The Structure that Supports the Essence of You

 

My best attempts at cultural integration have given me language, foods, sights, sensations, and people that I could have never imagined.

It’s made me grateful and helped me release expectations.

But these are things that, to one extent or another, you can manage to do in the safety of your own culture and environment.

What you cannot do in your own environment is learn who you are. That’s only possible by taking away everything you are not.

 

“In your own environment, you cannot learn who you are.”

As you learn to thrive in a new culture, everything changes.

The meals you eat, the time you get hungry, the foods you cherish and avoid.

The clothes you put on your body. Which are practical for every day, and the ones you save for special events. Where you sleep, when you sleep, how you exercise, and what dream of, what you miss.

Which behaviors strike you as friendly and rude. What you expect and what takes you by surprise. Which colors represent purity, celebration, royalty, and grief.

The role you play for the people around you—as the talkative one, the independent one, the quiet one, the new one, the seasoned one, the brave one, the smart one, the daughter, the father, the visitor, the host.

Everything changes. Except one common thread that runs through all of it, and that’s you.

And it’s much thinner than you think.

It’s an essence.

That thread is what you need to support and nourish in any situation in order to be happy. The rest will sort itself out. Or you’ll sort it out.

And it will be OK.

That’s adapting—it’s not changing who you are, but rather rebuilding, with new tools and materials, the structure that supports the essence of you.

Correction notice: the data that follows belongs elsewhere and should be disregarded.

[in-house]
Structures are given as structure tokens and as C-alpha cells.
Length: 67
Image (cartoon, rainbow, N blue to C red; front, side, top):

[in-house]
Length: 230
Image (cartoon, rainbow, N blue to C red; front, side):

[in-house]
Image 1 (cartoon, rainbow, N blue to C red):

“It was so great to talk to a returned volunteer that has COSed and found her way. As a current volunteer I struggle with the ‘whats next’ and it was incredible to talk to Meg and be frank about my feelings knowing that she gets it. She really knew how to give me great relevant advice that is setting me up for success down the road.” -PCV Fiji

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What to do after Peace Corps Early Termination

What do early termination Peace Corps Volunteers need? Tons of support. Learn more here. 

And don’t forget to check out How Early Termination Will Impact Your Life.

If you’re wondering what to do after Peace Corps, then check out our services exclusively for Peace Corps Volunteers.

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“What should you do after Peace Corps?” is already a hard question. So what happens when you add early termination to the mix? 

 

If you haven’t already, then check out What’s Early Termination from Peace Corps Like?and How Early Termination Will Impact Your Life

ETing is sometimes part of standing up for yourself. Rossana Solares made the decision to take care of herself, even if that meant ETing. This is her story.


“I miss Mozambique, my adventures in Mozambique, my friends…but I don’t miss Peace Corps Mozambique.”

Rossana left her career as a teacher to become an education volunteer in Mozambique Group 27 in August 2016.

Initially, living with another Volunteer provided a sense of security in a strange new place. As time passed, however, Rossana recognized that she has a strong preference for privacy and her own space. 

 

Rossana sought to balance her time between other Peace Corps Volunteers and the friendships she was forming in-country. Nevertheless, the antagonism within her Peace Corps cohort continued.

 

 

Finally, things started to fit together for Rossana.

 

 

Afterward, life went back to normal quickly. 

 

 

Although it was a challenging, Rossana’s Peace Corps experience remains extremely valuable to her.

 

 

In closing, Rossana shares her hindsight wisdom with other Volunteers.

 

We’re Serious.

ET Volunteers need more support. That’s why we’re proud to offer Transition Coaching to all Peace Corps affiliates at no charge.